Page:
Be your own Surveyor – Ceilings

Be your own Surveyor – Ceilings

Last week I discussed eaves soffits and fascia boards, this week it’s another type of soffits, i.e. ceilings.

Slightly saggy ceilings aren’t necessarily a problem, most older buildings have upstairs ceiling joists which are way undersized by today’s standards. These bow downwards especially if heavy objects are stored in the loft. Ceilings on downstairs rooms shouldn’t sag as they’re attached to the much thicker floor joists above. If they’re sagging, they need replacement – see below.

Ceilings and timber-frame screen walls come with two main types of covering.Lath-and-plaster is an old system of tacking rows of thin wooden strips between the joists then covering with lime and horsehair plaster. It sets soft and gritty with a thin pale top layer and softer darker underlayers. These are the ones which tend to fall down!

Modern timber ceilings are made of plasterboard – a sheet of plaster sandwiched between layers of thick paper. This is then screwed into place and plaster-skimmed. The top layer looks quite different to lime plaster, and should be smooth and even with a pink or grey colour.

Plasterboard ceilings probably won’t present problems unless they have insufficient screws/ clout nails. There should be fixings every 150mm to joists at the sheet’s edges and every 300mm to joists in the middle.

Old lath-and-plaster ceilings showing signs of irregular cracking or bowing can collapse suddenly on the occupants and are dangerous. Unstable ceilings need complete removal and replacement. If merely a bit suspect, and reasonably flat, I usually screw new plasterboard sheets underneath to hold everything in place and provide a better surface for my plasterer to finish. It saves masses of work and mess taking the old ceilings down, then putting it all back. You must be sure to put plenty of screws into the joists to secure the boards really safely. Your carpenter should be able to do two good sized bedrooms in 1 – 2 days, and your plasterer to skim both in a day. With materials it might cost £400 – £600 for two rooms. Artex can be steamed off or covered the same way – see my blog on this.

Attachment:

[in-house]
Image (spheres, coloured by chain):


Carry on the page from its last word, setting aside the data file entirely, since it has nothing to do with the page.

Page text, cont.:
If the ceiling is very saggy in places your plasterer may not be able to skim, even if it’s covered with new boards. To check, place a straight board or spirit level about a metre long over any obvious bulges. If there’s more than about 25mm space at either end of the stick, it probably all needs to come down and have new joists and boards, and put all the insulation back too. This could easily cost twice as much or more than a simple board-over, and fibreglass dust is dangerous to lungs. Another less messy alternative is to build a separate ceiling underneath – good for reducing mess if the house is occupied, but it lowers the ceiling.

Some houses and tenament blocks have concrete ceilings (often beam-and-block), which should have few problems so long as the roof doesn’t leak. Uninsulated concrete is VERY cold and not good for tenant retention. It can be insulated with 2 x 2 battens or deeper, and sheets of closed-cell phenolic foam such as Celotex. Fibreglass is a relatively poor insulator at these thicknesses. If there are upstairs neighbours concrete can be surprisingly bad for noise transmission

Next week I’ll talk about internal walls.


These blogs are not intended to replace the services of a surveyor, engineer or other professional. They may however help save you the expense of a surveyor for a duff building that you won’t buy.


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